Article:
At last we have reached Conneaut on the Lake Erie shore in "Ohio's Sharpest Corner." Still standing on Main St. in Conneaut is a little white house named after its builder, Hiram Lake. Many people fail to recognize this place as a place of history. Hiram Lake was a member of the South Ridge Anti-Slavery Society and was also chosen as a delegate with M.W. Wright at Jefferson in 1845 (Clark 44-45). In the present day kitchen you will find a trap door leading into what people probably think was a root cellar. In reality this was the beginning of a tunnel, now filled, which reached the banks of Conneaut Creek, about 500 feet away. It was in this tunnel which Lake"s step daughter would note to be "packed full of negroes," on her weekend visits home (Seibert 308).

Another place "known" to be a station on the UGRR is an Octagon House that stands on Liberty Street. This house was undoubtedly built for persons fleeing slavery, as it incorporates many features as the Carpenter House in West Andover. The only problem with this house is the date. The Octagon House is believed to have been built circa 1863 by David Cummins. It is because of this date that I believe this house was used sparsely, if at all, as a station. Many people will still argue, however, what about the secret tunnel leading to Conneaut Creek? I believe this to have been incorporated from the previous house which stood on the spot.

Monroe is bordered on the North by Conneaut Township and to the east is the Pennsylvania stateline. If you followed State Route 7 into Monroe Township, near the present day intersection of Route 84, you would have run into a settlement then called Reed's Corners. Today we know this settlement as Bushnell. Our abolitionist is of that surname. Sidney S. Bushnell handled the contraband of slaves, moving ever closer to freedom in Canada.

There were several places for an escapee to go in Monroe. If you selected a route other than Route 7, you could find yourself in Kelloggsville. Kelloggsville was home to Samuel Hayward (Fig. 1). This area seemed to be particularly safe for slaves as Hayward would later tell of some slaves staying for a weekend (Clark 48). Hayward's name also appears in H.U. Johnson's tale of Edward Howard (142).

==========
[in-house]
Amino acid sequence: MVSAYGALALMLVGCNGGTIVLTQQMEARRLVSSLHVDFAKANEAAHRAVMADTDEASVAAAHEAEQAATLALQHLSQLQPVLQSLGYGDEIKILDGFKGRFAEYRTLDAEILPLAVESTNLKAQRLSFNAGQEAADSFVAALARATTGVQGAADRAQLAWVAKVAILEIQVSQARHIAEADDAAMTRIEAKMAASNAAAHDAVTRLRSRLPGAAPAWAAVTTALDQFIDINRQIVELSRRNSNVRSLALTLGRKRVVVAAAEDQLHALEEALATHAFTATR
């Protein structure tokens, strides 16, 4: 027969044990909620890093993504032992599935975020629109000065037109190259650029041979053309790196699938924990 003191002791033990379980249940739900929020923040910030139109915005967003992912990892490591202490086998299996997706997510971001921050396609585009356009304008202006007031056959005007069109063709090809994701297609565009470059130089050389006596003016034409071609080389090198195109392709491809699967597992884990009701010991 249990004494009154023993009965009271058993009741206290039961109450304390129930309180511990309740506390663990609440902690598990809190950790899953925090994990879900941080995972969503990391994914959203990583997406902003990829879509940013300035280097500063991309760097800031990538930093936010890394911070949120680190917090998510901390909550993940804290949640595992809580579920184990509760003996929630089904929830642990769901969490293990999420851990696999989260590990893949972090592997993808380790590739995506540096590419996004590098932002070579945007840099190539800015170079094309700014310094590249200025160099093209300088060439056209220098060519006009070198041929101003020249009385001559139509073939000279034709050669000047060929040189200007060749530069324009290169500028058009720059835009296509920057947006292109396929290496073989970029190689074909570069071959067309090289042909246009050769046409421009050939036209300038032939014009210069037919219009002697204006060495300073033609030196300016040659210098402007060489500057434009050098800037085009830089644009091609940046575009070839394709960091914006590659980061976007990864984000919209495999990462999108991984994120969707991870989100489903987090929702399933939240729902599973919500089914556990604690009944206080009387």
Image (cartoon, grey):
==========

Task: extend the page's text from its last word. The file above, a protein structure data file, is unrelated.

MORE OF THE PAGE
A little further north of Kelloggsville one might find safe heaven in the presence of Albert Kellogg. Being of New England ancestry, Kellogg was compelled to aid the negroe by the same passion which ran through the blood of the good people of the upper Atlantic States.

Kingsville, on the shores of Lake Erie, also seems to be used as a place of diversion. Ira Taft would receive the goods and transport them beyond the reach of the slave hunter (Clark 46). But Mr. Taft was not the only person known to harbor slaves. Under their penname, the poet Franziska authored A Story of Slavery for the Kingsville Tribune sometime around 1887. From among the verse of the stanzas comes the story of a fugitive slave beseeching the help of one of the residents of Kingsville, in this case the Hon. D.C. Phelps. Phelps readily invites the slave into his home and is given meal and shelter for the night. On the morning, Phelps was approached by a neighbor who told Phelps of the knowledge of the neighbors on his harboring a slave in his quarters. Also attained was the information that one of the individuals, in their greed, set off to get the marshall so that he might search Phelp’s residence, discover the slave, and collect reward. Phelps immediately warned the slave of forthcoming problem and lead the slave out the back and concealed the runaway in a thicket near Lake Erie. He told the escapee that when all was well, he would return and direct him onto Canada. On his return to his premises, Phelps was met with a party in possession of a legal document granting the searching of the residence. The laborious search was fruitless, much to the disappointment of the bounty hunter. 1